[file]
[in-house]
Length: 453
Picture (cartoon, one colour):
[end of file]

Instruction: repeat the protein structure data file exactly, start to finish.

[in-house]
Length: 453
Picture (cartoon, one colour):